Longer-term follow-up studies (e.g., [7-9]) suggest that many patients with BPD do well over time with most no longer meeting the required threshold number of diagnostic criteria; however, remission from a diagnosis and recovery from an illness are not comparable outcomes. With treatment and over time, some symptoms resolve (e.g., impulsivity) more readily than others (e.g., chronic dysphoria), but many individuals continue to have difficulties that require treatment [8,10,11]. These individuals will likely qualify for diagnosis of personality disorder, trait specified within the new DSM-5 system. Remission from a BPD diagnosis is a desired outcome but likely not the ultimate end point. The McLean Study of Adult Development and its extensions [9] define recovery as a constellation of symptomatic remission, good social and vocational functioning, and stability of the aggregate over an extended period of years. Recovery from BPD appears to be among the most stringent outcomes in the current literature; few treatment trials are likely to achieve this decades-long end point. Outside of formal research settings, assessment of recovery is rarely considered, much less done.

Discussion

Based on broader experience with general mental health quality and outcomes efforts, we argue that a variety of additional outcomes may also define the efficacy of BPD treatment. Though infrequently and variably measured, quality of life (QOL) is gaining recognition as a primary treatment outcome, and the general consensus is that QOL is severely impaired in BPD but improves with treatment [12]. Of note, QOL is a necessary component for cost-effectiveness analyses, a growing area of significance in an era of healthcare cost containment efforts [13]. Measurement of QOL encompasses physical and somatic sensations in addition to other domains [14]. Specific measures of health-related functioning may also capture treatment outcomes in BPD given the increased prevalence of obesity and obesity-related illnesses [15], chronic pain [16], sleep disturbance [17], and increased use of medical care in general [18]. Finally, with the growing knowledge base of biomarkers of BPD, changes in inflammatory markers [19], neuropeptides [20], and/or neuroanatomical structures and functions such as the amygdala, hippocampus, and prefrontal cortex [21] are all promising outcomes of BPD treatments.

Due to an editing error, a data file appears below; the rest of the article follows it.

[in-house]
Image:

Conclusions